Word order of sentence components in English and Vietnamese SVA structures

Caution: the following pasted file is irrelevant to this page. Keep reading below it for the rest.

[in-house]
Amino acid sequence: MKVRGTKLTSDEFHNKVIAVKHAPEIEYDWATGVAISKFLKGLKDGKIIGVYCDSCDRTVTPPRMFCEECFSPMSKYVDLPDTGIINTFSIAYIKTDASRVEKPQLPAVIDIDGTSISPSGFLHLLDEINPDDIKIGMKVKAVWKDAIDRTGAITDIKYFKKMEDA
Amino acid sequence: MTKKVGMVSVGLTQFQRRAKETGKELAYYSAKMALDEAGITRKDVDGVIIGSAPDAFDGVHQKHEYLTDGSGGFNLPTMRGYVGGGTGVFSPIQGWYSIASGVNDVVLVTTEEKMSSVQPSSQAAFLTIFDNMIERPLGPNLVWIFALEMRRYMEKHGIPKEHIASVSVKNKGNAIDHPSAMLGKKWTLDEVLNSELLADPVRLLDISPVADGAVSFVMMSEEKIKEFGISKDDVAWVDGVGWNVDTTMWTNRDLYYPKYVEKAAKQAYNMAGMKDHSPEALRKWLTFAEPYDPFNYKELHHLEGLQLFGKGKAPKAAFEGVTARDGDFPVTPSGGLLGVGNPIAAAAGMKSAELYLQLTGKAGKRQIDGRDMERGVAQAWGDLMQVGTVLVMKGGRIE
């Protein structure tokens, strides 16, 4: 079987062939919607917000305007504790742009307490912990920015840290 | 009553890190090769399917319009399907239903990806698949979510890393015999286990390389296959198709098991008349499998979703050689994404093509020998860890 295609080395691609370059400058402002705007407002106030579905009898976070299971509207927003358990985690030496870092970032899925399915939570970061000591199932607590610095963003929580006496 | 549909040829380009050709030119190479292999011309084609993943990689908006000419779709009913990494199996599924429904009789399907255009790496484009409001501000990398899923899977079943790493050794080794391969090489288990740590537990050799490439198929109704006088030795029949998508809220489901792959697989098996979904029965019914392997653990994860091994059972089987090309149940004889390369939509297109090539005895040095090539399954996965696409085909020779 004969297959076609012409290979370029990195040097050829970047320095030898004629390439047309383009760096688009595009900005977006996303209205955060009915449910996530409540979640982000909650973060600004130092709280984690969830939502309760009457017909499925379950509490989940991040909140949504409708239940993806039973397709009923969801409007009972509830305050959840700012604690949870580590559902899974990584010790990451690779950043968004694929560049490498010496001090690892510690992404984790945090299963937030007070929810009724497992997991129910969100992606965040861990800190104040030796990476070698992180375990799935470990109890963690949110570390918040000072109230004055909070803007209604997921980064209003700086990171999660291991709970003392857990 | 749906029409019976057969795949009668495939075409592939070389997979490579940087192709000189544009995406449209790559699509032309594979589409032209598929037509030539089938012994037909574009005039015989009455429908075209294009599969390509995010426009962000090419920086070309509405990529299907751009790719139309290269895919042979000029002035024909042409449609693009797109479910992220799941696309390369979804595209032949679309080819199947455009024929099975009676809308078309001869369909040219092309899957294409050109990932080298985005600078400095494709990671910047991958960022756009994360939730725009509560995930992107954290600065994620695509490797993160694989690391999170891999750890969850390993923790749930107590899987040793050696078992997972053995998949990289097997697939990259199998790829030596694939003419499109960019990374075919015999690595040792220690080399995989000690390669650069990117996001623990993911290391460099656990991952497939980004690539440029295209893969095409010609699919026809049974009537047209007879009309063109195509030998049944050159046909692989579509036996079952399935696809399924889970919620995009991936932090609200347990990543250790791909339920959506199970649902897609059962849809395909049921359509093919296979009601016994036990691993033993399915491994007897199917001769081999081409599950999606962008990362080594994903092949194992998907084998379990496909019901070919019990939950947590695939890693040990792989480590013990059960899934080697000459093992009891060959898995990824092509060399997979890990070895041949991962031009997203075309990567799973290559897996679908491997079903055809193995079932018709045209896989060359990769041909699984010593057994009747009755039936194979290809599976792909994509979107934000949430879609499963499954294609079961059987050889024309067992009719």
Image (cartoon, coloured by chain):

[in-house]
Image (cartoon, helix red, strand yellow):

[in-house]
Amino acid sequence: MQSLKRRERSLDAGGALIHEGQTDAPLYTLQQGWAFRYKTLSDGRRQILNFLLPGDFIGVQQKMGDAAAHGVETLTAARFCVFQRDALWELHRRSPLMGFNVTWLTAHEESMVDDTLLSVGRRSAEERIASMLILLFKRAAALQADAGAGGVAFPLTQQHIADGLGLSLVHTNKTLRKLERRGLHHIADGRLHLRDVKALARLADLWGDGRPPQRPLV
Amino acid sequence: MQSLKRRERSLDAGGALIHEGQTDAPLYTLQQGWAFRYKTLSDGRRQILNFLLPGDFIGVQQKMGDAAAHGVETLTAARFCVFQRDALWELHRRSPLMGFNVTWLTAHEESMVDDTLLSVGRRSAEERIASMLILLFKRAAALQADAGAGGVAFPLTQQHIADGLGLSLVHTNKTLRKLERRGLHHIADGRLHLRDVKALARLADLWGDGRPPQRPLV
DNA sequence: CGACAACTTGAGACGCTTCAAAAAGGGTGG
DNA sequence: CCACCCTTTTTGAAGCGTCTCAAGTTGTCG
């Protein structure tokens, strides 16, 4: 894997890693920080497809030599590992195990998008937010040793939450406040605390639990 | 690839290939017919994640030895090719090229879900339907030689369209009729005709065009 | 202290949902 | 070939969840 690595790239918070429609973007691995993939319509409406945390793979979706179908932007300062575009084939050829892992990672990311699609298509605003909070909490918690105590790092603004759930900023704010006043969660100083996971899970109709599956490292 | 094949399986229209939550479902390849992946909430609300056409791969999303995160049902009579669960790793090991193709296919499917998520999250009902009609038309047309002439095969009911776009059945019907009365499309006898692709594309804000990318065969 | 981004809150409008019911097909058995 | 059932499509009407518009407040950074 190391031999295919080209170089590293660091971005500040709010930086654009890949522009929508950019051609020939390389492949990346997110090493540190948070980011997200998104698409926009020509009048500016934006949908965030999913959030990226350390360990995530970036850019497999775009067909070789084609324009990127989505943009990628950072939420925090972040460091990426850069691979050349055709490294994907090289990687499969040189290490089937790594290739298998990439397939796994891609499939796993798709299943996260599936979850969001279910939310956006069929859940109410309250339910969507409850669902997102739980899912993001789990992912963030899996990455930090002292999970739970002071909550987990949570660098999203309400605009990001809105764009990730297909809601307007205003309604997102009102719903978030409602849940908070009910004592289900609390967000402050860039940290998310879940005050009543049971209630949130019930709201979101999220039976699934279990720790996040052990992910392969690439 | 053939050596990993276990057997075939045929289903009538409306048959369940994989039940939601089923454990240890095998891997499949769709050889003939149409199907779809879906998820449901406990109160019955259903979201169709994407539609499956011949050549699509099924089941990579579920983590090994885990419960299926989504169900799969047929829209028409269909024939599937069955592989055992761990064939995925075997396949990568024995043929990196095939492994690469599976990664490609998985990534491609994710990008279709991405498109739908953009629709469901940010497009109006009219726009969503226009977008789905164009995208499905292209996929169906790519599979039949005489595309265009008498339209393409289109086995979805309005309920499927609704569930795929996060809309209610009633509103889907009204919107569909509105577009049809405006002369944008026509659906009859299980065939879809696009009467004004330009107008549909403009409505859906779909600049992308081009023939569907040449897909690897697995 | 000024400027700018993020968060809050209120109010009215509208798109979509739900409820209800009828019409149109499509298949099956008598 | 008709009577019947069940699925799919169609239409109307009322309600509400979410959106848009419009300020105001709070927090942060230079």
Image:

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MINISTRY OF EDUCATION AND TRAINING HANOI OPEN UNIVERSITY --------------- PHUNG THI MAI HUONG WORD ORDER OF SENTENCE COMPONENTS IN ENGLISH AND VIETNAMESE SVA STRUCTURE (A CONTRASTIVE ANALYSIS) TRẬT TỰ TỪ CÁC THÀNH PHẦN CÂU TRONG CẤU TRÚC SVA TIẾNG ANH VÀ TIẾNG VIỆT (PHÂN TÍCH ĐỐI CHIẾU) M.A. THESIS Field: English language Code: 60220201 Supervisor: Assoc. Prof. Pham Thi Tuyet Huong, Ph.D HANOI, 2013 DECLARATION I hereby declare that no part of the enclosed Master Thesis has been copied or reproducted by me from any other’s work without acknowledgement and that the thesis is originally written by me under strict guidance of my supervisor. Hanoi 05- 11- 2013 Candidate Phung Thi Mai Huong APPROVED BY i ACKNOWLEDGEMENTS I would like to express my gratitude to all those who gave me the possibility to complete this thesis. I am deeply to my supervisor Pham Thi Tuyet Huong (Ph.D) whose endless guidance, stimulating suggestions and encouragement helped me in all time of the research. In addition, I thank for the co-operation of the students who actively participated in this study to help me complete the thesis successfully. I would like to thank my family and my friends. They helped me and encouraged me so much during researching. I also thank deeply all people who took part in achieving this work. ii TABLE OF CONTENTS PART I: INTRODUCTION.................................................................................... 1. RATIONALE OF THE STUDY............................................................................ 2. AIM OF THE STUDY........................................................................................... 3. OBJECTIVE AND SCOPE OF THE STUDY....................................................... 4. METHOD OF THE STUDY.................................................................................. 5. RESEARCH QUESTIONS.................................................................................... 6. DESIGN OF THE STUDY.................................................................................... PART II: DEVELOPMENT................................................................................... CHAPTER 1: LITERATURE REVIEW............................................................... 1.1. The study of word order in English and Vietnamese....................................... 1.1.1. The study of word order in English........................................................... 1.1.2. The study of word order in Vietnamese.................................................... 1.2. Some basic concepts........................................................................................ 1.2.1. Word order................................................................................................ 1.2.3. Basic sentence structures and syntactic structures................................... 1.2.4. Syntactic and semantic functions of clause elements.............................. 1.2.4.1. Syntactic and semantic functions of the subject................................ 1.2.4.2. Syntactic and semantic functions of the Verb................................... 1.2.4.3. Syntactic and semantic functions of the adverbial............................ 1.2.5. The common contrastive analysis of word order..................................... CHAPTER 2: SENTENCE COMPONENTS IN ENGLISH AND VIETNAMESE SVA STRUCTURE AND THEIR ORDERS............................ 2.1. The basic word order of sentence components in English SVA structure...... 2.1.1. Copular verb “Be”................................................................................... 2.1.2. The intransitive verb “LIVE”.................................................................. 2.1.3. The intransitive verb “GET”................................................................... 2.1.4. Some other intransitive verbs.................................................................. 2.1.5. Some intransitive phrasal verbs............................................................... iii 2.2. The changes of word order of sentence components in English SVA structures.............................................................................................................. 2.2.1. ASV structure.......................................................................................... 2.2.1.1. “Here + subject (pronoun) + verb”................................................... 2.2.1.2. “There + subject + verb”.................................................................. 2.2.1.3. “Prepositions of direction + subject +verb”...................................... 2.2.2. AVS structure.......................................................................................... 2.2.2.1. “Prepositions/ prepositional phrases of place/position + subject + verb"...... 2.2.2.2. “Negative and semi-negative adverbials + verb + subject”............... 2.2.2.3. “Here + verb + subject”.................................................................... 2.2.2.4. “Prepositions of direction + verb + subject”..................................... 2.2.2.5. “There + verb + subject”.................................................................. 2.2.2.6. “Gerund clause + verb + subject”..................................................... 2.2.2.7. “So/ neither (nor) + auxiliary verb/verb + subject”........................... 2.2.2.8. “Other adverbials + verb + subject”.................................................. 2.2.3. Some conclusions about the changes of word order in English SVA structure............................................................................................................ 2.3. The basic word order of sentence components in Vietnamese SVA structure................................................................................................................ 2.4. The changes of word order of sentence components in Vietnamese SVA structure................................................................................................................ 2.4.1. AVS structure.......................................................................................... 2.4.2. VAS structure.......................................................................................... 2.5. Summary........................................................................................................ CHAPTER 3: COMPARATIVE ANALYSIS OF WORD ORDER OF SENTENCE COMPONENTS IN ENGLISH AND VIETNAMESE SVA STRUCTURES....................................................................................................... 3.1. The similarities of word order in English and Vietnamese SVA structures. .............................................................................................................................. iv 3.2. The differences of word order in English and Vietnamese SVA structures. .............................................................................................................................. 3.3. The frequency of using SVA structure in English and Vietnamese literature and the reasons of these uses................................................................. 3.3.1. The writer or speaker wants to describe and introduce entities into discouse............................................................................................................. 3.3.2. The writer or speaker wants to emphasize the theme of the sentence. .......................................................................................................................... CHAPTER 4: A RESEARCH ON COMMON MISTAKES IN USING WORD ORDER IN ENGLISH SVA STRUCTURE........................................... 4.1. Researching learners’ mistakes...................................................................... 4.2. The main causes of the mistakes.................................................................... 4.3. Solutions........................................................................................................ 4.4. Exercise......................................................................................................... 4.5. Implication for teaching and learning English............................................... PART III: CONCLUSION.................................................................................... 1. Recapitulation...................................................................................................... 2. Limitation of the study......................................................................................... 3. Suggestions for the futher studies......................................................................... REFERENCES....................................................................................................... v LIST OF ABBREVIATIONS A = adverbial C = complement Cs = subject complement Cp = prepositional complement O = object Od = direct object Oi = indirect object Op = prepositional object P = predicate S = subject V = verb vi PART I: INTRODUCTION 1. RATIONALE OF THE STUDY Nowadays, the need of learning foreign languages, especially learning English in our society is in great demand because of the integration of Vietnam in globalization. It plays also essential role in education and training. However, as an English teacher, in process of teaching English, I realized that one of the big problems Vietnamese students often encounter when they learn English is to translate the sentences that do not have basic word order from English into Vietnamese and vice versa. Since the learner often transfers the habits of his native language structure to the foreign language word by word, there is a majority of difficulty in learning a structure of a foreign language. Therefore, the study of sentence structure is considered to be very important. A sentence structure is the way in which all of the elements of a sentence are put in order. So knowledge of the basic word order of a language is important because it has been found to correlate with other grammatical properties of the language. The word order is a universal concept of sentence structures in English as well as in Vietnamese. In the previous researches of linguists, the word order of sentence structure is paid much attention. However, the word order of components of SVA structure in English and Vietnamese has not been paid much attention to. Especially the changes of position of elements in SVA structure have not been written about. It describes what part of the sentence will go first, second and third. The basic elements of SVA structure are the subject (S), the verb (V) and the adverbial (A). The SVA structure is one of the basic structures in English grammar which students are taught at the beginning level. Therefore, it plays an important role both in teaching and learning of English. Moreover, I do contrastive analysis with Vietnamese so as to find out similarities as well as differences between two languages. For all the reasons, I would like to carry out my research on the topic: “Word order of sentence components in English and Vietnamese SVA structures”. 1 This thesis hopes to help students to overcome the difficulties in the process of their learning and translating. 2. AIM OF THE STUDY The main aims of the thesis are to: - Present main features of sentence components in English and Vietnamese SVA structures - Describe the word order of sentence components in English and Vietnamese SVA structures - Give a systemic description of the word order in English and Vietnamese SVA structures. - Try to point out some similarities and differences between sentence components in English and Vietnamese SVA structures. - Predict common errors of students when using English SVA structure and suggest a set of exercises for teaching and learning the word order of English SVA structure to Vietnamese learners. 3. OBJECTIVE AND SCOPE OF THE STUDY - The objective of the study is the word order of sentence components in English and Vietnamese SVA structures. - This thesis will limit itself within English and Vietnamese SVA structures in simple sentences only, especially in statements. And the adverbial in this structure is both obligatory and optional. 4. METHOD OF THE STUDY - The main methods of this thesis are description, comparison and contrastive analysis. - We have considered English as the basic language of the study and Vietnamese is the language to be compared. 5. RESEARCH QUESTIONS - What is the basic word order of English and Vietnamese SVA structure? - What are the changes of word order of sentence components in English and Vietnamese SVA structures? 2 - What are the syntactic and semantic functions of sentence components in English and Vietnamese SVA structures? - What are some similarities and differences between English and Vietnamese SVA structures? - What is the frequency of using SVA structures in literature of both languages and the causes? - Which errors do students often make when using SVA structure in English as well as in Vietnamese? 6. DESIGN OF THE STUDY The study consists of three parts: - Part I: Introduction This part consists of aims and objectives, scope and methodology and also the design of the study. - Part II: Development: It includes four chapters: + Chapter 1: Literature review This chapter looks at the theoretical preliminaries, the study of word order in English and Vietnamese deals with books, research work and articles and presents some basic concepts about word order and basic simple sentence, syntactic and semantic functions of components in SVA structure. + Chapter 2: Sentence components in English and Vietnamese SVA structures and their word orders This chapter presents the basic word order of components sentences and the changes of word order of sentence components in English and Vietnamese SVA structures. + Chapter 3: Contrastive analysis of the word order of sentence components in English and Vietnamese SVA structures. This chapter presents the similarities, the differences in English and Vietnamese SVA structures and the frequency of using SVA structure in English and Vietnamese literature, also points out the reasons of these uses. 3 +Chapter 4: A research on common mistakes in using word order in English SVA structure. This chapter presents some common mistakes of students in using SVA structure, especially, in translation. From that, the research gives some solutions and suggestions for teaching and learning English. This study is conducted with thirdyear students at Hanoi Open University. - Part III: Conclusion The concluding part summarizes the main findings of the study. At the end of the thesis, references are included. 4 PART II: DEVELOPMENT CHAPTER 1 LITERATURE REVIEW 1.1. The study of word order in English and Vietnamese. 1.1.1. The study of word order in English The study of word order is important because it can make indications about other features of the language, such as the placement of adjectives, adverbs and subordinators. Greenberg (1966) discussed 45 “universal” tendencies relating to word order that carry across all languages. These universals relate to basic word order typologies, syntax, and morphology. These universals were pioneering and influential in the study of word order because they allow us to make inferences about the properties of a language based on its word order. Quirk, R and Greenbaum, S (1976) also pointed out clause types with their word order such as: SVA, SVO, SVC, SVOC, SVOA, SVOO and SV. They stated “The order in which the elements appear is common but by no –means fixed.” D. Crystal (1987. p98) stated that more than 75% of all languages in the world have SVO word order, including both English and Vietnamese. Both of them use word order to be mean of top important grammar. Moreover, in both of languages, word order has relative fixity. It is expressed in moving of components in the sentence and some sentence structural models are not considered more basically than typical SVO model. Beside some modern English grammarians and linguists, such as Thomas, O (1967), Jacobs, R.A et al (1968) Palmer F (1978), Quirk R and Greenbaum, S (1990) discussed about word order. Leonard Bloomfield (1997) also stated “word order” is one part of syntax. According to him, the order of words in a sentence cannot but to be to some extent indicative of their syntactic relations, just as all the words of a sentence, to begin with, form an uninterrupted sequence. In many 5 languages, such as English, the order of word has a habitual syntactic significance. In English word order is the prevailing method of syntactic expression, not only the discursive but also material and emotional relations are expressed by word order. According to Jacobs (1968), the different languages may use different types of different orderings. The arrangement of word or phrase follows to certain structures called word order parameter. In some languages word order is not strictly classified as in English. In that ones have greater dependence on the suffixes and the other to mark the elements of the sentence. Thus word order seems to be a set of types based on a more general universal parameter in function marking, but there is no language in which word order is totally insignificant. According to R.A. Jacobs (1995, p35) word order parameter is differently expressed in different languages but none of languages in which word order does not meaning. Biber et. al. (1999, p141-151) discussed about the word order, the major English clause patterns are: subject- verb phrase (SV), subject- verb phraseobligatory adverbial (SVA), subject- verb phrase- subject complement (SVC), subject- verb phrase- direct object (SVOd), subject- verb phrase- prepositional object (SVOp), subject- verb phrase- indirect object- direct object (SVOiOd), subject- verb phrase- direct object- prepositional object (SVOdOp), subject- verb phrase- direct object- object complement (SVOdCo), subject- verb phrase- direct object- obligatory adverbial (SVOdA). According to him, subject- verb phraseobligatory adverbial (SVA) includes clauses which provide answers to the questions “When is/was X? And Where is was X?” (Biber et al. 1999, 143) (1). The baby was lying on his back. (2). The pleasant summer lasted well into March. (Biber et. al. 1999, 143) 1.1.2. The study of word order in Vietnamese Some Vietnamese linguists also paid a lot of attention to the word order such as Nguyen Tai Can (1960), Ly Toan Thang (1981), Tran Huu Manh (2008), for 6 instance, when contrastively analyzing between English and Vietnamese at sentence level (Tran Huu Manh (2008)), he points out one of the similarities in both languages is a certain number of basic sentence patterns. Seven basic sentence patterns in English are completely equivalent in Vietnamese. In the study on the word order in English and Vietnamese verb phrases, Pham Thi Tuyet Huong (2001), carried out comparing and analyzing the arrangement of words in typical syntactic structures- English and Vietnamese verb phrases. She considered English as the basic language of contrastive analysis; Vietnamese is the language to be compared. In the thesis, she gave a systemic description of the word order in English and Vietnamese verb phrase. After describing the word order in English and Vietnamese verb phrases, she pointed out some main striking similarities and differences between them. The trend of formalization in Vietnamese syntax research, with respect to the Subject of sentence, has been done thoroughly by Nguyen Minh Thuyet (1981). The author claimed that the criteria for word order and functional words are unreliable for distinguishing formal labels in the sentence structure, so that in an overall solution, the author built a set of formal methods, including ellipsis, substitution, complementation, transformation, and causalisation to expose formal differences of the sentence structural elements. In his PhD thesis “Subject in Vietnamese” (1981), the author provided formal criteria for distinguishing the sentence subject from other constituents; especially distinguishing subject from object, a matter previously paid little attention to in Vietnamese linguistics. Diep Quang Ban (1981) and Tran Ngoc Them (1985) realized the indispensable role of a constituent called adverbial in the existential sentence. This remains an important way to acknowledge that the adverbial in the existential sentence is, in essence, a kind of mandatory object of the sentence, the second actant of the existential predicate (the first actant is the phrase located after existential predicate). 7 There are different elements with different functions in the sentence. In “A university grammar of English” (1973), R. Quirk and S. Greanbaum said that there are five elements in English sentence, including subject (S), verb (V), object (O), complement (C), adjunct (A). Moreover, in “ The sentence componens of Vietnamese” (1998) Nguyen Minh Thuyet and Nguyen Van Hiep stated there are seven elements in Vietnamese sentence, including Subject (C), verb (Đ), object (B), theme-complement (K), disjunct (T), complement (Đ), adverbial (Tr). In this thesis, we would like to research the word order of sentence components in SVA structure more deeply. I hope this thesis will be useful for both teaching English to Vietnamese learners and Vietnamese to English learners. They can gain some experiences in using SVA structure in learning and translating from English into Vietnamese and vice- versa and hence understand deeply the changes of word order of sentence components in SVA structure. 1.2. Some basic concepts. 1.2.1. Word order When discussing about the word order, some linguistics gave some own views. According to the view of F.Palmer (1971) stated that word order is the combination between words in a phrase such as nouns with adjectives in noun phrase, verbs with adverbs in verb phrase. D.E. Rozental and M.A. Telenkova (M, 1972) defined that word order in a sentence is the arrangement between sentence components together. This arrangement has syntactic, semantic and stylistic meanings. Leech (1991, p550) described word order as “the order of the element in a sentence or clause”. In English, there are five basic elements of clause structure: subject (S), verb (V), object (O), complement (C) and adverbial (A) (Quirk et al., 1985, p49). Biber ( 1999, p898) and Leech ( 1991, p550) stated that English word order is usually described as rather fixed, due to the fact that the position of the above- mentioned elements indicates their syntactic function in a clause. 8 Each language has different word order to form sentences grammatically. That is one of the reason the researcher does this thesis. According to Sara Cushing Weigle (2002, p.216) word order is the order in which words come in clauses and sentences. So, word order is the arrangement of words coming in phrase, clause and sentence. According to Verma (1996, p1) the word order refers to the order in which words appear in sentences across different languages. The traditional perception of word order is based on the description of syntax that is an arrangement of words in sentences. In “English grammar” (1996, p.635) S.Greenbaum stated “word order is the order of components in a phrase, clause or sentence” According to Nguyen Tai Can (1999), order relations are used to distinguish the compounds, the fixed combinations and freedom combinations. A part from that, Nguyen Kim Than (1963) considered word order is one of means of syntax expression. According to him, using of word order is principled arrangement of a language to aim at syntax expression. In “The sentence components of Vietnamses” (2004, p.70) , according to Nguyen Minh Thuyet and Nguyen Van Hiep word order in Vietnamese is the important procedure expressing syntax functions of word. Besides, it also is used to express actual division, emotion and feeling of speaker and writer. Depending on the structure of real division and the need of expression in the sentence, a component can stand in different positions that its semantic and grammatical relations with other components are not changed. We can see some examples: (3). Anh ấy không hút thuốc (4). Thuốc anh ấy không hút (5). Anh ấy thuốc không hút [2004, p.70] 1.2.2. Simple sentence Simple sentence in English Quirk et al. (1985, p78-79) acknowledged that simple sentences are traditionally divided into two major parts, a subject and a predicate. This means 9 that, in terms of clause elements, the subject (S) is distinguished from the other elements (V and combinations of O, C, and A) which follow it: SUBJECT (6). Julie PREDICATE buys her vegetables in the market. The subject is often described as the constituent defining the topic of the sentence – that which the sentence is 'about' and which it presupposes as its point of departure, whereas the predicate is the thing which is asserted about the subject. Quirk, Randolph, Greenbaum, Sidney, Leech, Geoffrey and Svartvik, Jan (1985, p720-721) stated that a simple sentence consists of a single independent clause. According them, there are seven simple sentence types: (7). SVA: He got through the window. (8). SVO: He’ll get a surprise. (9). SVC: He’s getting angry. (10). SVOA: He got himself into trouble. (11). SVOC: Most students have found her reasonably helpful. (12). SVOO: He got her a splendid present. (13). SV: The sun is shining. According to Ann Hogue (1995, p18) the simple sentences can be written as formulas: simple subject with simple verb (SV), compound subject with simple verb (SSV), simple subject with compound verb (SVV), compound subject with compound verb (SSVV). We can see examples: (14). SV: My sister speaks English well. (15). SSV: Nensi and Asti play volleyball. (16). SVV: Naila reads and listens to music in the bedroom. (17). SSVV: My mother and father speak and write English well. According to Alice Oshima (2006, p164) A sentence is a group of words that you use to communicate your ideas. Every sentence is formed from one or more clauses and expresses a complete thought. Alice Oshima also stated that simple sentence is one independent clause. The 10 subject in simple sentence may be compound. The verb may also be compound. What is important is that there is only subject-verb combination in a simple sentence. In “The Longman grammar of spoken and written English” Biber, D., Johansson, S., Leech, G., Conrad, S., & Finegan, E. (1999) stated that A simple sentence is a unit that has only a single subject and a single predicate. The subject can be compound, but the simple sentence is a single unit as in the following examples: (18). “Jack and Jill went up a hill” Reference grammars usually definited sentences in terms of verb types. This analysis leads them to recognize 7 varieties in the category "simple sentence" each based on a type of verb. There's one simple sentence type that involves intransitive verbs: S+V. Linking verbs lead to two simple sentence types: S+V+SP and S+V+A. Transitive verbs lead to 4 types because of the 4 possibilities for different types of objects in their predicates: S+V+Od, S+V+Oi+Od, S+V+O+A, S+V+Od+Op. In simple sentence, intransitive verbs cannot have objects or complements. They are complete with just a subject and a verb. Adverbials can be added but are not required for the SV to be syntactically complete. We can see examples: (19). SV: It’s raining. (20). The wind is blowing. On the contrary, transitive verbs must have objects. Maybe it is more accurate to say that a transitive verb must have an object, because some transitive verbs need two objects or an object and an adverbial. We can see examples: (21). S+ V+ Od: Maria bought a book. (22). S+ V+ Oi+ Od: Maria gave her mother a book. (23). S+ V+ O+ A: Her mother put the book on the shelf. (24). S+ V+ Od+ Op: Her mother thought the book amusing. On the other hand, two types of sentences with linking verbs are given in the Longman Student Grammar “S+V+SP” has an adjective or a noun as the subject 11 predicative. Notice that most linking verbs can take only adjectives for their complements but that be can have either an adjective or a noun phrase. The second type is “S+V+A” where the A is required and is often a prepositional phrase used for location or time. We can see examples: (25). S+ V+ SP: The soup tasted salty. The cook is not a very good cook. (26). S+ V+ A: The soup is on the table. The cook is in the kitchen Simple sentence in Vietnamese According to Hoang Trong Phien (1980, p40-41) subject- predicate structure is the smallest unit of Vietnamese syntax. Basic order in Vietnamese sentence is: TR + C + V + B (Tr: adverbial, C: subject, V: predicate, and B: object) Examples: (27). Mùa hè năm ấy nhà tôi chuyển về thành phố. Tr C V B Diep Quang Ban (1987, p32) distinguished basic components (subject and predicate) and subordinate elements (complement, theme, adjunct, conjunctive and explanative) Examples: (28). Quan, Đề ngữ (theme) (29). Em ơi người ta sợ cái uy của quyền thế Chủ ngữ Vị ngữ (subject) (predicate) Ba Lan mùa tuyết tan Phụ ngữ Chủ ngữ Vị ngữ (adjunct) (subject) (predicate) (Diep Quang Ban, 1987,p198) A part from that, Nguyen Minh Thuyet and Nguyen Van Hiep (1998) distinguished between basic parts of the sentence (subject and predicate) and secondary elements (topic, modality, adjunct and adverbial). Additionally, they define that predicate is a part of the nucleus of sentence in front of which we can 12 complete the functional words such as đã, sẽ, đang, không. In “The sentence components of Vietnamese” (2004), Nguyen Minh Thuyet and Nguyen Van Hiep stated that main components are the syntax elements required in order to ensure the integrity of the sentence, it is the predicate with participant (V: vị ngữ) – obligatory subject (C: chủ ngữ) and object (B: bổ ngữ). We can see examples: (30). Chúng nó là sinh viên. C (31). Cô ấy là diễn viên điện ảnh. V (32). Tôi cảm thấy hạnh phúc. B Besides, Vietnamese sentences have sub-components such as: (33). Theme- complement: Còn Bân, hắn không nghe hát hiếc gì cả. (34). Disjunct: Cô ta sợ chúng mình thì có. (35). Complement: (36). Adverbial: Đột nhiên một hôm Thứ nghe nói San đã đi Hà nội. Từ sáng đến giờ chị chỉ long đong chạy đi chạy về. (Nguyen Minh Thuyet and Nguyen Van Hiep (2004)) 1.2.3. Basic sentence structures and syntactic structures. According to Jacobs, R.A (1995) and Tesniere, L. (1959), there are three major properties of sentence structure such as linearity, hierarchy, and categoriality. Linearity is word order in a sentence. All of the words in a sentence cannot be uttered at the same time; they are produced in a time sequence. Hierarchy is that different ways of grouping words may result in different meanings. And categoriality is that words have different distributions based on their categories. 1. Linearity Sentences are produced and received in a linear way. It means that words are spoken (or written) and listened (or read) in a sequence with respect to other words in the sentence; words are ordered from left to right in English. A sequence is represented in written English by a procession of written forms from left to right. 13